LIVINGSTON – A plan for a half-cent sales tax to fund resource officers at schools across Livingston Parish cleared one more hurdle Tuesday.
The Livingston Parish Law Enforcement District approved a measure that will bring proposal to voters on the Nov. 6 ballot.
The three members – Sheriff Jason Ard, Chief Financial Officer Jamie Felder and Chief Deputy Ronald Morse – all voted for the proposal.
“Being the chief law enforcement officer in the parish and also being a father, it’s a big thing for me to keep our schools safe,” Ard said. “Putting law enforcement in every school is going to be a big task and it’s not going to be easy, and it’s going to cost a lot of money, but it’s a step toward guaranteeing all schools are safe.”
Ard estimated it will take 50 resource officers to cover the entire school system. Only seven oversee the system across the parish today.
The proposal came into play Livingston Parish School Superintendent Rick Wentzel approached Ard about the proposal in the wake of several school shootings, including a Feb. 14 massacre at Marjory Douglas High School in Parkland, Fla., which left 17 dead.
“The circumstances dictated we needed to do something to make the schools safer,” Wentzel said. “We’ve been working the last couple of years to add resource officers, but we have 45 sites and only seven officers, so I think the best solution is to put an armed guard in every school.”
It would cost $110,000 to train, outfit and train each officer, or 5.5 million. The current starting salary for beginning deputies is $30,000, Ard said.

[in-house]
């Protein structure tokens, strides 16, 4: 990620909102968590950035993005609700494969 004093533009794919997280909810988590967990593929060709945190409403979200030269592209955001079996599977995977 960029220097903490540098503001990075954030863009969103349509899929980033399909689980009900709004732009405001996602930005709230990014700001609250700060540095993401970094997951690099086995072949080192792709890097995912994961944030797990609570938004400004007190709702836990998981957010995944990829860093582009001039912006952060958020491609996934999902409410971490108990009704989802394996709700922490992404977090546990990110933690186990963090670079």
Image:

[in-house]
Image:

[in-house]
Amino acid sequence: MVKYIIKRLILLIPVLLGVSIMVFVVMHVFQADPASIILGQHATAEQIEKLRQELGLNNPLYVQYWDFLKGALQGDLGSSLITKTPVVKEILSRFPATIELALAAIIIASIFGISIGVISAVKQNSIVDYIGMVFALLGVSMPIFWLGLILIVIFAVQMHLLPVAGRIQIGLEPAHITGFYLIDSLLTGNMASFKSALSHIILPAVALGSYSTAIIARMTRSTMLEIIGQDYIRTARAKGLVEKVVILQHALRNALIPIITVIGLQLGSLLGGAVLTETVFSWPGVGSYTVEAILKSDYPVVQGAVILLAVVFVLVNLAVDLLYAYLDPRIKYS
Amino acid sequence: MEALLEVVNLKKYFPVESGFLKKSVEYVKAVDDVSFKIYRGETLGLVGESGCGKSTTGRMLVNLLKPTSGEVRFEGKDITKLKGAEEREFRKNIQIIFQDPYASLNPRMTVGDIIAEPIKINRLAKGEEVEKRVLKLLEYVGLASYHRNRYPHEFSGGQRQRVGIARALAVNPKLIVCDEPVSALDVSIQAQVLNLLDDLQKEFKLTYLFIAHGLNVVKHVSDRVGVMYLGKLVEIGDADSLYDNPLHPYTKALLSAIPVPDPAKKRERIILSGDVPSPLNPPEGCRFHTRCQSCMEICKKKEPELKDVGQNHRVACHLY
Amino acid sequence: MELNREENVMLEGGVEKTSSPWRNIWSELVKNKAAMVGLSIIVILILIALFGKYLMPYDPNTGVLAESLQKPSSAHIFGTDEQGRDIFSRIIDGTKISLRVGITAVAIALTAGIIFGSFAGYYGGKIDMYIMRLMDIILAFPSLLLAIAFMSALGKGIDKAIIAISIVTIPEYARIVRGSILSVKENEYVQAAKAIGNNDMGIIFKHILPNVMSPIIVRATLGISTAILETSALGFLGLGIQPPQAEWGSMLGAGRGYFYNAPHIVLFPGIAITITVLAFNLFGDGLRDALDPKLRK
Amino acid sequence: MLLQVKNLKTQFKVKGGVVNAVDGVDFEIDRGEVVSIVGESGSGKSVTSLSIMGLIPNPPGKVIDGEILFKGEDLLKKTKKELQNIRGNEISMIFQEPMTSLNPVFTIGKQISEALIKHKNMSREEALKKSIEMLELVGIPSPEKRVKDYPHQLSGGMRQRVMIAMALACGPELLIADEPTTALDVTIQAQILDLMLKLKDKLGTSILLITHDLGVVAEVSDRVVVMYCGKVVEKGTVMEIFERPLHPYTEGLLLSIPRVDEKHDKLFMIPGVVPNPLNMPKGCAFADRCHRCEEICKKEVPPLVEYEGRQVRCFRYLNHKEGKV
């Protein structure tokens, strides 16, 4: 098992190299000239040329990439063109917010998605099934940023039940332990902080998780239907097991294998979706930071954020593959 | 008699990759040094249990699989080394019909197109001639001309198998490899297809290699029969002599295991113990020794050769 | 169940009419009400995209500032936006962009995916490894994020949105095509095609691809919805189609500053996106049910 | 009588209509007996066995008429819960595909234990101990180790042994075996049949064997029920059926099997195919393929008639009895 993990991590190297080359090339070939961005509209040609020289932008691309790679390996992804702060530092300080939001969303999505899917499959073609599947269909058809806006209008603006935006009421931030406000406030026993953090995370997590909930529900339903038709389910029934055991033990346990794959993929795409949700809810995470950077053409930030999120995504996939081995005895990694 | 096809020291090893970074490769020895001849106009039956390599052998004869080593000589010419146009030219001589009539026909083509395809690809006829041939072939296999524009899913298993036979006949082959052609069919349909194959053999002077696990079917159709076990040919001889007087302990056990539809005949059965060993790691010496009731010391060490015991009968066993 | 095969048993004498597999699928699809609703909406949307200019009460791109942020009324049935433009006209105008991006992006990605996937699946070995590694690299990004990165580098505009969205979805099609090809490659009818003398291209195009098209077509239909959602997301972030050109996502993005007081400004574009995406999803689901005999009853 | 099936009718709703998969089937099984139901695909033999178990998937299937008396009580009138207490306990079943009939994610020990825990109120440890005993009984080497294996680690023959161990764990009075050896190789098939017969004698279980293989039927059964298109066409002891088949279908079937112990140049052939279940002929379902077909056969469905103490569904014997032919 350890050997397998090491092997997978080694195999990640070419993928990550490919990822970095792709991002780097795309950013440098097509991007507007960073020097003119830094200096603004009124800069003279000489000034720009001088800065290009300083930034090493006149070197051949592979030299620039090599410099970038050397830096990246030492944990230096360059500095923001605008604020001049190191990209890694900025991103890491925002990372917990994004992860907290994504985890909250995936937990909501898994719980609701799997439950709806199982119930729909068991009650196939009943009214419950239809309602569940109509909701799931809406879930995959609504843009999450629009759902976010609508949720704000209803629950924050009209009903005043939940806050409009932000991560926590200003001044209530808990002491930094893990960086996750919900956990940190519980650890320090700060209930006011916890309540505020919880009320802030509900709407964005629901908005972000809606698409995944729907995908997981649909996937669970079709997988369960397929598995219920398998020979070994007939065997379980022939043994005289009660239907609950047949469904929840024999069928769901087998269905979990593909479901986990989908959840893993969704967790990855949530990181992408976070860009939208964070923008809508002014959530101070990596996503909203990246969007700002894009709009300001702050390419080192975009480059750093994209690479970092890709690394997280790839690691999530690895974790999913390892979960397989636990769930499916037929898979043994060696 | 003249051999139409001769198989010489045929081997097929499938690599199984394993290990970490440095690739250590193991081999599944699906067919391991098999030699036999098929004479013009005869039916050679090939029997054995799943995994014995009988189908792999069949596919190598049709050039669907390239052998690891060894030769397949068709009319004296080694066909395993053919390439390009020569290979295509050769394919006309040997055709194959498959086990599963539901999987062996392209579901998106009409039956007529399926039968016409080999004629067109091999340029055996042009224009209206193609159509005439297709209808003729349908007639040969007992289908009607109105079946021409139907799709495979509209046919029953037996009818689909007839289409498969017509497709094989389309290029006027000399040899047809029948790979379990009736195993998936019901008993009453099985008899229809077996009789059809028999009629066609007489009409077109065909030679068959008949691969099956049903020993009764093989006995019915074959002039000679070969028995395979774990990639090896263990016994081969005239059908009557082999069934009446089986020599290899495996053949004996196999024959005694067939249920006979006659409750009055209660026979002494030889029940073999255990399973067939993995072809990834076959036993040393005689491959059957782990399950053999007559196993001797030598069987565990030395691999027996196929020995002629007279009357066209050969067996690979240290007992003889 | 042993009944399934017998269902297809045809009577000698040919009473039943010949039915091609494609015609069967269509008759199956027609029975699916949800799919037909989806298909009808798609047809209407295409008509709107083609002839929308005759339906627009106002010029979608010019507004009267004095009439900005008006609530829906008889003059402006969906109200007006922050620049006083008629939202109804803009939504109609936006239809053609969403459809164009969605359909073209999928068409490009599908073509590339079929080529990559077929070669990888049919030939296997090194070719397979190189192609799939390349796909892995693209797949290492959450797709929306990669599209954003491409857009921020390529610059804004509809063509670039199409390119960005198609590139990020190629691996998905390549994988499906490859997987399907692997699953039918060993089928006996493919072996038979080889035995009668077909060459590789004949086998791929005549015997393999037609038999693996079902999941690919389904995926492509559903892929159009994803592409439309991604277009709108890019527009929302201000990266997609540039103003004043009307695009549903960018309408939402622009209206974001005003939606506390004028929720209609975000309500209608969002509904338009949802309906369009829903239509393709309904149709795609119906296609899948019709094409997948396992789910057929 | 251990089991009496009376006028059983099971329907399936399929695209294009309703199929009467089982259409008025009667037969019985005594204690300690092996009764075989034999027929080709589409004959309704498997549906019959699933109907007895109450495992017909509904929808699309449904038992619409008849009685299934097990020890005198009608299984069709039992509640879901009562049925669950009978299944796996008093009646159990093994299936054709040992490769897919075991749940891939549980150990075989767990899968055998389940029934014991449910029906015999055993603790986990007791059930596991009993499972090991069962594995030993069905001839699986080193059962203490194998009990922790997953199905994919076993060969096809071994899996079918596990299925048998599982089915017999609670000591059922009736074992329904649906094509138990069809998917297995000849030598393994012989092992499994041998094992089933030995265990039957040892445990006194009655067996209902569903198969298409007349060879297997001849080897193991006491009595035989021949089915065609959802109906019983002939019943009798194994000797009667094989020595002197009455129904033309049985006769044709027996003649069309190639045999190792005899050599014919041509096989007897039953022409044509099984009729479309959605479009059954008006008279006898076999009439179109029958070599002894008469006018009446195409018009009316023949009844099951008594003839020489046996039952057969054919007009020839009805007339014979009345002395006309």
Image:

Any remaining money would go to hire additional officers for the force, but a sales tax does not bring a guaranteed amount, he said
“You can never predict what you’re going to get from a sales tax,” Ard said. “It’s gone down this year, but we’re taking a conservative approach on this.”
Police departments in the cities of Denham Springs and Walker have opted to oversee the schools in their respective municipalities, Ard said.
“All the other areas would use our resource officers because those police departments don’t have a big enough staff to do that,” he said.
Morse said the proposal represents a far cry from the day he entered law enforcement 48 years ago.
“A school used to be the ultimate safe haven, but now we may get one or two calls per month about a disturbance on a campus,” he said. “The times have changed.”